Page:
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Analysis by Michael J. Cummings...© 2003
The Poem Annotations
Because I could not stop for Death, cckc: alliteration; Death, He: personification/metaphor He kindly stopped for me; e,y: end rhyme The carriage held but just ourselves el and el:internal rhyme And Immortality. Immortality: This word rhymes with civility in Stanza 2, Line 4 . . We slowly drove, heknew no haste, e:internal rhyme; kn, n: alliteration And I had put away hhhh:alliteration My labor, and my leisure too, lll:alliteration For his civility. civility: politeness, courtesy . . We passed the school, where children strove We passed: The repetition of these words at the beginning of At recess, in the ring; of three lines constitutes anaphora. rr:alliteration We passed the fields of gazing grain, school, fields, setting sun: symbols. School is the morning of We passed the setting sun. life, childhood; fields, midday of life, the working years; setting . sun, the evening of life, dying. gazing: ripe . . Or rather, he passed us; he passed: personification of sun The dews grew quivering and chill, ew: internal rhyme. gossamer gown: wedding dress for For only gossamer my gown, marrying death; gg: alliteration. tippet: scarf for neck and My tippet only tulle. shoulders; tulle: netting. tt: alliteration. . . We paused before a house that seemed house: her tomb, where she will "reside" during eternity A swelling of the ground; ss: alliteration with an "s" sound The roof was scarcely visible, ss: alliteration with a "z" sound The cornice but a mound. cornice: horizontal molding along top of a wall . . Since then 'tis centuries, and yet each 'tis centuries: centuries have passed since her death Feels shorter than the day shorter than the day: paradox in which a century is shorter I first surmised the horses' heads than a day Were toward eternity. hh: alliteration
Narrator: She is a woman who calmly accepts death. In fact, she seems to welcome death as a suitor who she plans "marry."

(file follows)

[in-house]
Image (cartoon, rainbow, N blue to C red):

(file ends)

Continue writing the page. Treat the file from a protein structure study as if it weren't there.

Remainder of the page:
Death: The suitor who comes calling for the narrator to escort her to eternity.
Immortality: A passenger in the carriage.
Children: Boys and girls at play in a schoolyard. They symbolize early life.
Each of the six stanzas has four lines. A four-line stanza is called a quatrain.
In each stanza, the first line has eight syllables (four feet); the second, six syllables (three feet); the third, eight syllables (four feet); and the fourth, six syllables (three feet). In each line (whether eight or six syllables), the first syllable is unstressed, the second is stressed, the third is unstressed, the fourth is stressed, and so on. Thus, the first and third lines of each stanza are in iambic tetrameter, and the second and fourth lines are in iambic trimeter. (If you need detailed information on meter, click here.) The following example demonstrates the metric scheme of the first two lines of Stanza 1. The unstressed syllables are in red; the stressed are in blue capital. Over each pair of syllables is a number representing the foot. Also, a black line separates the feet.
Be CAUSE..|..I COULD..|..not STOP..|..for DEATH,
He KIND..|..ly STOPPED..|..for ME;
Allen Tate (1899-1979)–a distinguished American poet, teacher, and critic–observed that "Because I Could Not Stop for Death" is an extraordinary poem. In fact, he said, it deserves to be regarded as "one of the greatest in the English language; it is flawless to the last detail–Quoted in Brown, Clarence A., and John T. Flanagan, eds. American Literature: a College Survey. New York: McGraw-Hill, 1961, Page 436.
.......“Because I Could Not Stop for Death” reveals Emily Dickinson’s calm acceptance of death. It is surprising that she presents the experience as being no more frightening than receiving a gentleman caller–in this case, her fiancé.
.......The journey to the grave begins in Stanza 1, when Death comes calling in a carriage in which Immortality is also a passenger. As the trip continues in Stanza 2, the carriage trundles along at an easy, unhurried pace, perhaps suggesting that death has arrived in the form of a disease or debility that takes its time to kill. Then, in Stanza 3, the author appears to review the stages of her life: childhood (the recess scene), maturity (the ripe, hence, “gazing” grain), and the descent into death (the setting sun)–as she passes to the other side. There, she experiences a chill because she is not warmly dressed. In fact, her garments are more appropriate for a wedding, representing a new beginning, than for a funeral, representing an end.
.......Her description of the grave as her “house” indicates how comfortable she feels about death. There after centuries pass, so pleasant is her new life that time seems to stand still, feeling “shorter than a Day.”
.......The overall theme of the poem seems to be that death is not to be feared since it is a natural part of the endless cycle of nature. Her view of death may also reflect her personality and religious beliefs. On the one hand, as a spinster, she was somewhat reclusive and introspective, tending to dwell on loneliness and death. On the other hand, as a Christian and a Bible reader, she was optimistic about her ultimate fate and appeared to see death as a friend.
An existential poem